Fortunately for us, Jack Endino’s Earthworms and TAD were playing on the same stage right after each other, so we didn’t have to move for a while. The stage was sponsored by the Elysian Brewing Company, so we helped ourselves to some Loser Pale Ale and their Nevermind Pale Ale. Now it was time for Endino’s Earthworms! While they were getting ready, I got to meet one of my heroes:

Jack Endino

Photo by John Pusieski

Here is a video of the man and the band playing. The entire show was awesome. They played a lot of original stuff, a Mudhoney cover, and, the highlight for me, a Screaming Trees cover featuring Connor brother Pat.

Tad, who was touring with his current band Brothers of the Sonic Cloth, came on next and he came on heavy with a hard-hitting set that pleased everyone. There was even a mosh pit and crowd surfing – a rarity at shows that I usually go to these days. Here’s a little taste of what he brought to the table. Our ears were ringing for sure.

After Tad, we have some time to mill around. We bought some more merchandise, caught a bit of J. Mascis and Greg Dulli. We then went to stake out a spot for Mudhoney. We did not have the best view, but it did not lessen our experience at all. We were still able to rock out like we were half our age.

After Mudhoney, we were ready to head back to our hotel. We had been there, standing, for eight hours, had three full concerts, bits and pieces of several others, and  walked about five miles just back and forth around the event. to put it mildly, we were exhausted. We were able to see a tiny bit of Father John Misty on our way out, so it wasn’t all bad.

Thanks to Sub Pop for making a bunch of losers feel like a king for a day. If the next 25 years are even half as good as the first 25 years, we’re in for some awesome music.

For more photos by John, visit his website at http://personal-spectrum.com/

Album Review: The Manics – Fruit EP

February 28, 2010

Wow, that was a quick couple of months of silence from his blog, but I was inspired by something and I had to share. I got my hands on an EP from a new band called The Manics. I didn’t know what to expect from it. I had never heard of them, but I love trying out new bands and getting pleasantly surprised. The EP is not out yet, but will be soon. It is called “Fruit” and it is not one to be missed. It starts off with the heavy title track that let’s you know right off the bat the direction of the EP and it does not disappoint. The second track, “Doll” is a great ballad that has the singer crying out in despair that he “needs to feel something real”. Not the false hope that people usually cling to.

The third track, “Ellen’s Scars” stands out to me the most. It is seemingly rooted in alternative history. Takes a little form the Pixies with soft verses and very hard choruses. The guitar solo is a lyric copy a la “Smells Like Teen Spirit”. The chorus has a lot of fuzz-tone and feedback to make any “grunge” fan proud. The band took a chance with “Tell Her No”, a Zombies cover. I don’t like covers as much, but I love it when bands take chances and this is a very big chance for a few reasons. the most obvious reason is The Zombies are not that well known.  The Manics pulled it off though, and it is a great cover that has their own stamp on it.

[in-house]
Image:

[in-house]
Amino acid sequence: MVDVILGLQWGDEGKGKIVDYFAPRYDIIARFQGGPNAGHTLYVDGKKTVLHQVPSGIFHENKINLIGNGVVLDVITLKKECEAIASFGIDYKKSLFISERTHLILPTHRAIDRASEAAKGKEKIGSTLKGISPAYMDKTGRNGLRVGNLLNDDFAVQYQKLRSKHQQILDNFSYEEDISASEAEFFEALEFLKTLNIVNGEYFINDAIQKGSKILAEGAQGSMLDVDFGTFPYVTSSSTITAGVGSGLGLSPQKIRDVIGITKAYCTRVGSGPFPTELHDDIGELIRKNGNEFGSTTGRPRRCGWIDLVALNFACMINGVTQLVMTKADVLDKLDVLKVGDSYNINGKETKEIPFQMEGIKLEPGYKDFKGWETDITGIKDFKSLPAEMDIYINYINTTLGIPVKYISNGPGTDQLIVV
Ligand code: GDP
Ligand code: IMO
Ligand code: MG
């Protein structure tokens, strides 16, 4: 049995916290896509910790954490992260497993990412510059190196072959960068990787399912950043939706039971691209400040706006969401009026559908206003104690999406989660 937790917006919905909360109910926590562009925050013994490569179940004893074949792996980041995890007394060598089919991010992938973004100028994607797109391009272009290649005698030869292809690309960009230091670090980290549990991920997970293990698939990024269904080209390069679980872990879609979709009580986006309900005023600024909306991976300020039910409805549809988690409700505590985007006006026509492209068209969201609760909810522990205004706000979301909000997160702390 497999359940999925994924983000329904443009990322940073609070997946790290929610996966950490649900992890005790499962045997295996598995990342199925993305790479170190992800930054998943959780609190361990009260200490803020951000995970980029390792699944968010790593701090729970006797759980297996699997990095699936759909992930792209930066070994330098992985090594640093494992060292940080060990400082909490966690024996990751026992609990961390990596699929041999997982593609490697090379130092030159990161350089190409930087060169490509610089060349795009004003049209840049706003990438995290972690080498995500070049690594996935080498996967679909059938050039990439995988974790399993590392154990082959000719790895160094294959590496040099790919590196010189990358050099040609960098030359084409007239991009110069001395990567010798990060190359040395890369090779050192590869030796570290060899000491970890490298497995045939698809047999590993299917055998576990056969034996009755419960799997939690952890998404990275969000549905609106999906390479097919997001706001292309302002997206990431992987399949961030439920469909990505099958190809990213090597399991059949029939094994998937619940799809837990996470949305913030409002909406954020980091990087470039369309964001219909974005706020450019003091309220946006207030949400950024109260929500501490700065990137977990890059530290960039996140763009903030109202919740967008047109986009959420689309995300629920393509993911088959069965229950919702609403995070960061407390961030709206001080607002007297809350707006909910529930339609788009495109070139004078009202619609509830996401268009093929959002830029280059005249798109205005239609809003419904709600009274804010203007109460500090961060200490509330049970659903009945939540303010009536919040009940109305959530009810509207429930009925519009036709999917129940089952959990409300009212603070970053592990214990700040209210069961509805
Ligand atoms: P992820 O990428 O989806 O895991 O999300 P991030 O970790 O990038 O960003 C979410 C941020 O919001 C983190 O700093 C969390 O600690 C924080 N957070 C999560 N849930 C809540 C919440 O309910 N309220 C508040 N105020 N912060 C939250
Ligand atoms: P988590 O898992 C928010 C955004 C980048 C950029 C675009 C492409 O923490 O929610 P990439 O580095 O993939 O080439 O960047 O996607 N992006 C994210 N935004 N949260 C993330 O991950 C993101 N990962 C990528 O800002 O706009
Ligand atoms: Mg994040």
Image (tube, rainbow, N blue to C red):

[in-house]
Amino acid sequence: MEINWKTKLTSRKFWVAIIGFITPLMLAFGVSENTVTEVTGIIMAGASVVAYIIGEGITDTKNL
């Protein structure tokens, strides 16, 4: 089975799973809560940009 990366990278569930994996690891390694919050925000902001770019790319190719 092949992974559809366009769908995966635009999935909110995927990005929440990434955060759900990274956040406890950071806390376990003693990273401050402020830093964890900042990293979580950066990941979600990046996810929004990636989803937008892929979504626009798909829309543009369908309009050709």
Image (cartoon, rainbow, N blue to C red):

The EP comes to a close with the softer “Stars” that has a simple chord progression a la Weezer. It doesn’t let you off the hook very easily as the EP begins, very hard and fast. “Fruit” shows a lot of range for the band and is a very good effort. I am very excited about what the band will put out in the future. There seems to be a wide range of influences that will prove beneficial in the future. The Manics seem to be well-grounded in music history which automatically makes them better than 90% of bands out there. I hope that everyone else will be as excited about them as I am. If you want to hear their first album (and you should want to), it is available here.

Here are a few pictures of The Manics:

The Manics

The Manics

The Manics

The Soulsavers feat. Mark Lanegan

September 22, 2009

The Soulsavers came to the nation’s capitol on an absolutely beautiful day, and the Soulsavers only added to the day’s beauty. Touring for their new CD “Broken” (and we are all thanking them for choosing a shorter album name) they decided to play intimate venues. For Washington DC, that meant the Rock and Roll Hotel. The venue was indeed small. They had a soundboard on the stage and there was barely enough room on the stage for all of them, but there were still rocking out.

The opening act was Red Ghost who provided vocals for the cover of “Praying Ground” on “Broken”. I got there in time to hear about half her set (My apt is not Metro accessible and neither is the venue, so getting there was quite a journey). The songs I did hear, however, really impressed me. She has some pipes and can really belt out a tune. I am going to have to get her EP. The rest of the crowd agreed with me as she left to a good ovation (as good as it could be with small crowd).

She walked off stage and I knew what was next. The last time I saw the Soulsavers was in 2007 in Los Angeles. I count that as my favorite concert of all time. A lot of stars were aligned that night. It was the first time I had seen Mark live in over a year, it was at my favorite venue, it was with a band I really enjoy, and I was there with good friends. Now seeing Mark play live is old hat. I’ve seen him 3 times since then and 6 overall. But it is always different when he comes around with the Soulsavers and tonight was no different.

They started with a rocking version of “Ask the Dust” off of the “It’s Not How Far You Fall, It’s the Way You Land” CD. Mark walked on stage and they went right into “Ghosts of You and Me” and we were on our way.

The night was a mix of songs from “Broken” and songs from “It’s Not How Far You Fall, It’s the Way You Land” with highlights that included “Some Misunderstanding”, “Paper Money”, “Jesus of Nothing”, “Unbalanced Pieces”,  “You Will Miss Me When I Burn”, and “Kingdoms of Rain”. The band was in top form, it seemed, really adding a lot to the music and the live experience.